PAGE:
Manage Chronic Pain With the Help of a Physical Therapist

Move Forward Radio explores chronic pain with guests of "Pain Matters"— a Discovery Channel documentary.

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ALEXANDRIA, VA, December 5, 2013 — APTA today launched a Move Forward Radio episode called, "Pain Matters: Bringing Chronic Pain Out of the Shadows," to discuss the pivotal role of physical therapist treatment in managing chronic pain. The segment features Melanie Rosenblatt, MD, medical director of pain management at the North Broward Medical Center in Pompano Beach, Florida; Penney Cowan, founder and CEO of the American Chronic Pain Association; Derek McGinnis, a United States Navy veteran who sustained debilitating injuries while serving in Iraq; and physical therapist John Garzione, PT, DPT, president of the Pain Management Special Interest Group of APTA's Orthopaedic Section.

Chronic pain, which is defined as pain that lasts for several months, or in some cases, years, affects at least 116 million Americans each year. Physical therapists play an important role in managing chronic pain by administering treatments that include strengthening and flexibility exercises, manual therapy, posture awareness, and body mechanics instruction. Physical therapists can also help the patient to understand the underlying cause of their pain.

The Discovery Channel also explores the issue of chronic pain in an in-depth documentary called, "Pain Matters," airing December 7 and December 14 at 8:00 am, ET. The documentary features pain management experts as well as individuals who struggle with chronic pain.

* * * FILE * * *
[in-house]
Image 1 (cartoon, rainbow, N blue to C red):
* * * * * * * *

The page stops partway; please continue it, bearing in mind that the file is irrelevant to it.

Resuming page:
According to Dr Rosenblatt, "Chronic pain is, in and of itself, a chronic illness. Chronic pain is its own disease, and it can be very isolating. It can lead to depression, and in many cases, suicide."

Physical therapy plays a vital role in helping patients manage and overcome chronic pain. "We use a variety of evidence-guided treatments to deal with chronic pain," said Garzione. "When we go low and slow, physical therapists are able to gradually increase the intensity of active exercises. We also educate the patient about how brain and central nervous system hypersensitivity contribute to their chronic pain. We encourage our patients to never give up, that this does not have to be a way of life."

After returning from Iraq, McGinnis said chronic pain made it difficult to cope with daily life, and it took time to find the help he needed. "I felt so hindered by the pain that I was coping with, and I wasn't getting the answers that I needed at that time," he explained.

People with chronic pain, like McGinnis, are often advised to participate in a multidisciplinary pain management program, which consists of a team of doctors and other health care professionals, including physical therapists, who share a common goal of improving the patient's quality of life.

McGinnis found support after meeting a health care provider who took the time to listen to his concerns. "I was grateful that it wasn't in my head. I wasn't alone. I had a team. I wasn't Derek with the pain problem, I was just Derek. I was moving forward to find some resolution."

According to Cowan, "The most important thing for people with chronic pain is they want that validation, they want to be believed."

The American Physical Therapy Association represents more than 85,000 physical therapists, physical therapist assistants, and students of physical therapy nationwide. Learn more about conditions physical therapists can treat and find a physical therapist in your area at www.MoveForwardPT.com. Consumers are encouraged to follow us on Twitter (@MoveForwardPT) and Facebook.

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